In 1940, Kip was in Westbury, England, with Lord Suffolk, Miss Morden, and Mr. Fred Harts. Kip was fond of Miss Morden, and she was the first Englishwoman he had ever spoken to. As the second son in his family, it was always expected that Kip would become a doctor and his older brother would join the army, but the war changed all that. Kip joined a Sikh regiment and went to England, where he joined a bomb unit. At the time, there were 25 bomb units total, and they had little technical equipment.
Here, Kip’s culture is completely disregarded and disrupted by the war. As a British colony, Indian men were expected to fight for the British, and cultural expectations and traditions did not matter. Kip is expected to put his life on the line for people he doesn’t know and doesn’t interact with, and he is given few resources, which suggests the British military cares little if he is killed in the process.
While Kip was training, he learned that the most dangerous bombs did not explode until after they landed. Unexploded bombs littered the European countryside, waiting to be tripped by unsuspecting soldiers, civilians, and animals. By August of 1940, there were 2,500 unexploded bombs, and by September that number grew to 3,700. The life expectancy of a sapper in a bomb unit was around 10 weeks.
This reflects the abject violence and destruction of the war. Bombs were constructed to inflict the maximum amount damage and death, and the climbing number of unexploded bombs adds to the trauma of Kip’s experience. He diffuses multiple bombs each day, which as an isolated incident would be bad enough, but Kip is forced to do it time and time again.
“Lord Suffolk was the best of the English,” Kip tells Hana. While in England, Kip quickly found the best places to drink tea, and Lord Suffolk would join him for a cup. He told Kip that he trusted him as he did Miss Morden and Mr. Harts, and Lord Suffolk and Kip soon grew close. Kip was just 21 then, and he was a long way from his family in the Punjab.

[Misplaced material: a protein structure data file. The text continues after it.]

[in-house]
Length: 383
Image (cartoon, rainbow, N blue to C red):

Kip’s love of English tea reflects his assimilation to English ways, but it has a more ironic connection as well. In colonizing India, England became rich through “tea estates” where indentured servants—enslaved Indians—were forced to harvest tea for the English.
When Kip had first applied to Lord Suffolk’s bomb unit, he was led into a library for testing with 15 other men, none of whom were Indian. Miss Morden sat at a nearby desk, staring at him. Kip took a book off a shelf, Pierre; or The Ambiguities, and felt the woman’s eyes on him. She had probably never seen a turban, Kip thought. Putting the book back, Kip couldn’t believe the English. They expected him to fight for them, but they wouldn’t talk to him.
This, too, reflects the racism of colonialism. Miss Morden watches Kip move around the library with suspicion, which he assumes is because of his turban. Kip’s selection of Herman Melville’s Pierre; or The Ambiguities has subtle meaning here. Ambiguity means being open to more than one interpretation—Melville’s book, for instance, is at once a novel but is also autobiographical, depending on the interpretation. Similarly, Kip seems to suggest here that Miss Morden should be open to more than one interpretation, beyond the racist assumptions of colonialism, regarding his turban and Indian identity.